Night of the Heroes by Adrian Cole, Wildside Press, p/b, $13.99/eBook, $2.99, Website
Reviewed by Dave Brzeski
I stated in my review of Adrian Cole’s ‘Nick Nightmare Investigates’ that it made me want to reread ‘Night of the Heroes’, the novel which first introduced Nick Nightmare, so I did.
Rupert Mears has been assigned the job of moving the contents of a crumbling old library to a new location. While there, he rereads a few favourite old pulps, novels & comics, but in each case the ending has changed; all of them now end with a mysterious storm—much like the one outside. He leaves, having achieved very little, and then his adventures begin.
Mears finds himself attacked by strange men, who are not quite men, and eventually finds himself in a different world—Pulpworld. The characters from the various books & magazines he was reading all find themselves drawn to this world, as part of the evil plan of a familiar-seeming oriental criminal mastermind.
In what has to be the ultimate crossover adventure, the five who are six, have to be brought together to fight a terrifying evil. The characters are familiar, but not mere pastiches. The influences are obvious, but mixed, giving us characters who are notably different from their most obvious source. The most instantly recognisable is Palgrave Reverence, and his companion, Dr. Jameson—the reason the five are six—an obvious Holmes and Watson pastiche. Except that Reverence also has a touch of the occult detective about him, in that he employs certain psychic abilities to aid him in his work—much to the disgust of Jameson. The others are a swamp monster, a barbarian warrior, a Batmanesque superhero and a man with an uncontrollable powerhouse of a beast locked inside him.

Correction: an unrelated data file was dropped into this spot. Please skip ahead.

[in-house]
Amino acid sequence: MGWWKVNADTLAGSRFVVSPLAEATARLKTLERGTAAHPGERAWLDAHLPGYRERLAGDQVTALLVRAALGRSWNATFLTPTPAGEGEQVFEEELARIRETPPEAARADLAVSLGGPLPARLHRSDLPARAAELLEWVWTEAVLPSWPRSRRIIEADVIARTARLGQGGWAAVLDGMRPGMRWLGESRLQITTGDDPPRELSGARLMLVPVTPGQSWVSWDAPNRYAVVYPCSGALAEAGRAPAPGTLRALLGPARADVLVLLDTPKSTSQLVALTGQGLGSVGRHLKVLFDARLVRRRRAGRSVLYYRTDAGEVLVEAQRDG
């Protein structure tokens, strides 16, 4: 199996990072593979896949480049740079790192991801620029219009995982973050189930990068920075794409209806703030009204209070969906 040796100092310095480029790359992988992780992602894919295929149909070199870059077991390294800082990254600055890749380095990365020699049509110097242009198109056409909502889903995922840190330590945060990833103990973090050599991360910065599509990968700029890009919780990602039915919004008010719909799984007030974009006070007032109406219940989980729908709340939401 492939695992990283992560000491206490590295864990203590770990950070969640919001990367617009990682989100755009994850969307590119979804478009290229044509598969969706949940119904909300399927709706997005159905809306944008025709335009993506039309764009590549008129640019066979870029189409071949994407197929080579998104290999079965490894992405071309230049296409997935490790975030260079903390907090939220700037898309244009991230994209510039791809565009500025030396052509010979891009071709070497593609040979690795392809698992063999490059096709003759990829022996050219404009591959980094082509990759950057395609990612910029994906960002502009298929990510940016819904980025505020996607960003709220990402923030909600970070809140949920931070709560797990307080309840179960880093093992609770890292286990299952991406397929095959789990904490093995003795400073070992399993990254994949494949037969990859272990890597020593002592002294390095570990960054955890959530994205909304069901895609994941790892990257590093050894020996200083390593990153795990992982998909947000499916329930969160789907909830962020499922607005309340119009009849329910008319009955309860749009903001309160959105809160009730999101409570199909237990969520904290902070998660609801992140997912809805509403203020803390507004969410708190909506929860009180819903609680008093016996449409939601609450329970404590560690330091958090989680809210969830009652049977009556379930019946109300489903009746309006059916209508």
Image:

We also meet other characters, native to Pulpworld: an alternate world version of H. Rider Haggard, the Black Bowman and the Shadow Woman, and of course, Nick Nightmare. As in the more recent Nick Nightmare stories, there’s a considerable Lovecraftian element, and it’s quite plain where the influence for the seaport of Dunsmouth came from. Finally, I mustn’t forget to mention Montifellini and his wonderful Magic Bus.
Despite what would seem like a dizzying number of elements, Adrian Cole keeps a tight rein on the plot and it all makes perfect sense. Crossover fiction fans, super hero comic fans, sword and sorcery fans, weird menace pulp fans, hard-boiled detective fiction fans—all of them should enjoy this excellent novel.